Figure 7-69. - Rupturing fillet weld test plate.
(fig. 7-69) until a break occurs in the joint. This force may be applied by hydraulics or hammer blows.
In addition to checking the fractured weld for soundness, now is a good time to etch the weld to check for cracks.
The ETCHING TEST is used to determine the soundness of a weld and also make visible the boundary between the base metal and the weld metal.
To accomplish the test, you must cut a test piece from the welded joint so it shows a complete transverse section of the weld. You can make the cut by either sawing or flame cutting. File the face of the cut and then polish it with grade 00 abrasive cloth. Now place the test piece in the etching solution.
The etching solutions generally used are hydrochloric acid, ammonium persulfate, iodine and potassium iodide, or nitric acid. Each solution highlights different defects and areas of the weld. The hydrochloric acid dissolves slag inclusions and enlarges gas pockets, while nitric acid is used to show the refined zone as well as the metal zone.
The term TENSILE STRENGTH may be defined as the resistance to longitudinal stress or pull and is measured in pounds per square inch of cross section. Testing for tensile strength involves placing a weld sample in a tensile testing machine and pulling on the test sample until it breaks.
Figure 7-70. - Standard tensile test specimen.
The essential features of a tensile testing machine are the parts that pull the test specimen and the devices that measure the resistance of the test specimen. Another instrument, known as an extensometer or strain gauge, is also used to measure the strain in the test piece. Some equipment comes with a device that records and plots the stress-strain curve for a permanent record.
The tensile test is classified as a destructive test because the test specimen must be loaded or stressed until it fails. Because of the design of the test machine, weld samples must be machined to specific dimensions. This explains why the test is made on a standard specimen, rather than on the part itself. It is important that the test specimen represents the part. Not only must the specimen be given the same heat treatment as the part but it also must be heat-treated at the same time.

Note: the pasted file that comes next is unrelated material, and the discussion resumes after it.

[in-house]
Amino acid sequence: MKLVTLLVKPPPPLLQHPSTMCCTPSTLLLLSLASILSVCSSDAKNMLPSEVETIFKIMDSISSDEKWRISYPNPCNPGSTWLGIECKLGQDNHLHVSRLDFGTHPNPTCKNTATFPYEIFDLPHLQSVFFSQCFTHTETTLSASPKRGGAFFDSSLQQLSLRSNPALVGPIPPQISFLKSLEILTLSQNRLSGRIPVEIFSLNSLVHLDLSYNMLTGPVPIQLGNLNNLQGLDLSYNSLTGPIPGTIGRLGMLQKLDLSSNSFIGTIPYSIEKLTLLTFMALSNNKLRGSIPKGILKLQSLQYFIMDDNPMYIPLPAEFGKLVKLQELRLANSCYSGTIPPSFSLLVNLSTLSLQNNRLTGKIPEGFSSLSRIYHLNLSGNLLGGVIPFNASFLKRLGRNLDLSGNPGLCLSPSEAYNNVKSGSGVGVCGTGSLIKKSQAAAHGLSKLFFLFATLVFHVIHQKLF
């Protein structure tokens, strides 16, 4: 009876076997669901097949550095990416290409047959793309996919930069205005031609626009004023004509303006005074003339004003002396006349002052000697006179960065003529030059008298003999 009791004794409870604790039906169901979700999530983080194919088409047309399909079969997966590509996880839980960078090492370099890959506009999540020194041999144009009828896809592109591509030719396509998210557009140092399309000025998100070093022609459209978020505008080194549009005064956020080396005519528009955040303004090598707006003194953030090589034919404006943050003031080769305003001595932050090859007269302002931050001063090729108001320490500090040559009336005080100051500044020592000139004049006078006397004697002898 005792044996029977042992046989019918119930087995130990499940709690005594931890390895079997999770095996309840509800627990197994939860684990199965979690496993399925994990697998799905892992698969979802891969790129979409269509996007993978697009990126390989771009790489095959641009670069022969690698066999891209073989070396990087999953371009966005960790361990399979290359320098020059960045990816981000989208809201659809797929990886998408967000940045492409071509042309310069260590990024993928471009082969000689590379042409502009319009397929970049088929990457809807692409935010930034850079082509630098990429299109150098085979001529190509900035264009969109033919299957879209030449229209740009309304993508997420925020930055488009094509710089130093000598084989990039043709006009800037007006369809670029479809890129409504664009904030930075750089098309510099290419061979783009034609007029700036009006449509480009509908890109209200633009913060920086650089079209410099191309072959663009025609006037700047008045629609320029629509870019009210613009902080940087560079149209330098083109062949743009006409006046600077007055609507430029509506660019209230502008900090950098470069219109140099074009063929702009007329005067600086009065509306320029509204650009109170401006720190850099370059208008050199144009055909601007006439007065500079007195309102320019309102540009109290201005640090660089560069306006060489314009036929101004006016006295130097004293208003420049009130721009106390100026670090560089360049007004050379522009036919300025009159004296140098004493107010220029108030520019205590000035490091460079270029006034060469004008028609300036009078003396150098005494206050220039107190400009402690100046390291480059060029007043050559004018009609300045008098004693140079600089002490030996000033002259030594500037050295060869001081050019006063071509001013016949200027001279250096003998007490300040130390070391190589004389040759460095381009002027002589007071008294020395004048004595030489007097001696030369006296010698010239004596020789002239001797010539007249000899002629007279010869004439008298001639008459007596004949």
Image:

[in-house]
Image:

There are many standard types of tensile test specimens, and figure 7-70 shows one standard type of specimen commonly used. The standard test piece is an accurately machined specimen. Overall length is not a critical item, but the diameter and gauge length are. The 0.505-inch-diameter (0.2 square inch area) cross section of the reduced portion provides an easy factor to manipulate arithmetically. The 2-inch gauge length is the distance between strain-measuring points. This is the portion of the specimen where you attach the extensometer. In addition, you can use the gauge length to determine percent elongation.
The tensile test amounts to applying a smooth, steadily increasing load (or pull) on a test specimen and measuring the resistance of the specimen until it breaks. Even if recording equipment is not available, the testis not difficult to perform. During the test, you observe the behavior of the specimen and record the extensometer and gauge readings at regular intervals. After the specimen breaks and the fracturing load is recorded, you measure the specimen with calipers to determine the percent of elongation and the percent reduction in area. In addition, you should plot a stress-strain curve. From the data obtained, you can determine tensile strength,Continue Reading